In: Science Translational Medicine, Vol. 6, No. 235, 235ra60, 07.05.2014.

Research output: Contribution to journalArticle

Bozec, A, Zaiss, MM, Kagwiria, R, Voll, R, Rauh, M, Chen, Z, Mueller-Schmucker, S, Kroczek, RA, Heinzerling, L, Moser, M, Mellor, AL, David, JP & Schett, G 2014, 'T cell costimulation molecules CD80/86 inhibit osteoclast differentiation by inducing the IDO/tryptophan pathway', Science Translational Medicine, vol. 6, no. 235, 235ra60. https://doi.org/10.1126/scitranslmed.3007764
Bozec, Aline ; Zaiss, Mario M. ; Kagwiria, Rosebeth ; Voll, Reinhard ; Rauh, Manfred ; Chen, Zhu ; Mueller-Schmucker, Sandra ; Kroczek, Richard A. ; Heinzerling, Lucie ; Moser, Muriel ; Mellor, Andrew L. ; David, Jean Pierre ; Schett, Georg. / T cell costimulation molecules CD80/86 inhibit osteoclast differentiation by inducing the IDO/tryptophan pathway. In: Science Translational Medicine. 2014 ; Vol. 6, No. 235.
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AU - Zaiss, Mario M.

AU - Kagwiria, Rosebeth

AU - Voll, Reinhard

AU - Rauh, Manfred

AU - Chen, Zhu

AU - Mueller-Schmucker, Sandra

AU - Kroczek, Richard A.

AU - Heinzerling, Lucie

AU - Moser, Muriel

AU - Mellor, Andrew L.

AU - David, Jean Pierre

AU - Schett, Georg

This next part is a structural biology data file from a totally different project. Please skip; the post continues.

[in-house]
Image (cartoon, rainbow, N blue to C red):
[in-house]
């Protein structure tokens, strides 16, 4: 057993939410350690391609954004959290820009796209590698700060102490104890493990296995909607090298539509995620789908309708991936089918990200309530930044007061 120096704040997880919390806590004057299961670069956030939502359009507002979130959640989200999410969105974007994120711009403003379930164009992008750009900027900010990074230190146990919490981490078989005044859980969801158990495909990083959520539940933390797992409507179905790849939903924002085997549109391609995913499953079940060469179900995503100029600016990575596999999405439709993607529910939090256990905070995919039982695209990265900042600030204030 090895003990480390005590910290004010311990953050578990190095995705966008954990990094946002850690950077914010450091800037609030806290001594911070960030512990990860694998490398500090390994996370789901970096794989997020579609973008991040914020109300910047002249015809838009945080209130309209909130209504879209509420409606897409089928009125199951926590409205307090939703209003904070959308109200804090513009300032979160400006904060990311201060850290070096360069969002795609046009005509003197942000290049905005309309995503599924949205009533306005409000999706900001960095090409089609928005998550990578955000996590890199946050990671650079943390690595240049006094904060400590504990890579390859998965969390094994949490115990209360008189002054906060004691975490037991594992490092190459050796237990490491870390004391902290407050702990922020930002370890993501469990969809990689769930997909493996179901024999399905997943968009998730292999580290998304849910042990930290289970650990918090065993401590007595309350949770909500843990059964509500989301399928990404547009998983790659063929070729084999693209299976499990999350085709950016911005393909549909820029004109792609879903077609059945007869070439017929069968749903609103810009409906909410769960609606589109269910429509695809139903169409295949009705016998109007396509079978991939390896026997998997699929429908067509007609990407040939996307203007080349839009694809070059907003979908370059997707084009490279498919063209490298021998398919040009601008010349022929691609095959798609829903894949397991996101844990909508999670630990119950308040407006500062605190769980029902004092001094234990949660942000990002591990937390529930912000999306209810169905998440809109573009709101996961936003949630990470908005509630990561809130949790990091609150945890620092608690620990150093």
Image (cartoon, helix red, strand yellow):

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AB - Bone resorption is seminal for the physiological remodeling of bone during life. However, this process needs to be strictly controlled; excessive bone resorption results in pathologic bone loss, osteoporosis, and fracture. We describe a control mechanism of bone resorption by the adaptive immune system. CD80/86, a pair of molecules expressed by antigen-presenting cells and involved in T cell costimulation, act as negative regulator for the generation of bone-resorbing osteoclasts. CD80/86-deficient mice were osteopenic because of increased osteoclast differentiation. CD80/86-deficient osteoclasts escaped physiological inhibition by CTLA-4 or regulatory T cells. Mechanistically, engagement of CD80/86 by CTLA-4 induced activation of the enzyme indoleamine 2,3-dioxygenase (IDO) in osteoclast precursors, which degraded tryptophan and promoted apoptosis. Concordantly, IDO-deficient mice also showed an osteopenic bone phenotype with higher numbers of osteoclast precursors and osteoclasts. Also, IDO-deficient mononuclear cells escaped the anti-osteoclastogenic effect of CTLA-4. This molecular mechanism was also present in humans because targeting CD80/86 by abatacept, a CTLA-4-immunoglobulin fusion protein, reduced, whereas blockade of CTLA-4 by ipilimumab antibody enhanced, the frequency of peripheral osteoclast precursors and osteoclastogenesis. In summary, these data show an important role of the adaptive immune system, in particular T cell CD80/86 costimulation molecules, in the physiological regulation of bone resorption and preservation of bone mass, as well as affect the understanding of the function of current and future drugs fostering or blocking the effects of CTLA-4 in humans.